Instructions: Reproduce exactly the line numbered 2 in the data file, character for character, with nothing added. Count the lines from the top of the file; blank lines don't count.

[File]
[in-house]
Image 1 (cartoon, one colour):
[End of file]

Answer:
Image 1 (cartoon, one colour):